So, in my last post, I mention the four major areas I plan to focus on in 2020:
- Personal Life
- Home Life
- Financial Life
- Professional Life
I said that I’d be sharing some of the things I’m doing, learning, and planning for myself in this new year. No particular time table. No scheduled challenges. No added pressure contributing to the stress.
Even though I was planning to write from my own experiences, I couldn’t pass up this opportunity to share an awesome story with you from one of my BFFs adult daughters. I think you will find it very inspirational, even if the nature of it doesn’t specifically apply to you.
For the sake of this blog, I will call her LW, a 30-something year old, recently divorced, working mom of two kids. And like many of you reading this, she is in debt; a lot of debt. And like a number of you, she decided to do something about it.
99.999 percent of you will never win the million dollar lottery. And almost as many will likely never receive a multi-hundred thousand dollar settlement or inheritance. So the reality is that if you are living with debt that you can’t pay off each month, and you want to change that, then you have to be willing to change you. And by changing you, I mean, change your mindset about debt.
Debt isn’t something that just poor or middle class people struggle with. The simple definition of debt is owing more than you earn or have. Break-even means only spending what you earn/have. So if you earn (or even win) one million dollars, but you spend one and a half million; then you’ll find yourself in debt to the tune of $500,000. That’s why you often read about athletes who received huge multi-million dollar contracts, ending up broke just a few years into their retirement; or lottery winners losing their millions less than five years after their win.
But debt doesn’t always come about as a result of mismanagement of money. LIFE sometimes throws us a curve ball, resulting in unexpected expenses, a shift in lifestyle, or downturn in the economy. A bad investment, a business deal gone wrong, job loss, mounting medical costs, and lots of other things can impact your financial life. How you respond, and your willingness to adjust your lifestyle to your new normal, may determine the future of that financial life.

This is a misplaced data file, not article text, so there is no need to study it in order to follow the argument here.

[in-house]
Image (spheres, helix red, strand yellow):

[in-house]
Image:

Here is LW’s story. The “bold” is my emphasis.
In 2019 I was finally in a position to take control of my finances, and I’m taking a moment to celebrate what I’ve accomplished.
On 1 Jan 2019 (after my separation but before my divorce was finalized), I had $120,814 of debt to my name. The number made me physically ill to look at, and I was burdened by 6 different minimum monthly payments on credit cards, a personal loan, a 401k loan, a car loan, and one (large, consolidated) student loan.
In July, my divorce was finalized.
Today, on 1 Jan 2020, my total debt is now $68,891 – just my car loan and student loan. I paid off $51,923 of debt in 2019, focusing on the lowest balances first, and snowballing those monthly payments into the next-highest debt as they were freed up.
I didn’t accrue any new debt. I’ve been so blessed by family – I lived with my parents rent-free for half of the year, then moved into a family-owned condo where I pay very low rent. I’m blessed with a good career and good income (that I work hard for), but even outside of that I worked my ass off!
I sold a LOT of my stuff. I started reselling gently used clothing on Poshmark and delivering for Shipt. I’ve never really had problems controlling my spending, but I tightened my belt even more this year, trying to focus on reducing fast food and restaurant meals and cooking at home instead; using what we have instead of buying new; continuing to use coupons and rebate apps like ibotta, and using our local “Buy Nothing” Facebook page. I didn’t buy any Christmas presents this year except for my girls (sorry, fam – next year!).
And it feels amazing; freeing, empowering.
I have a long way to go and a lot more work to do. And in other ways this year was full of more ugliness than I’d ever wish on anyone. But it feels incredible to see the quantifiable progress I’ve made in this one area. I’m on track to be completely debt-free in 2020.
2019 was for recovering, stabilizing, and rebuilding. 2020 is for flourishing, living generously, and teaching my girls how to do the same.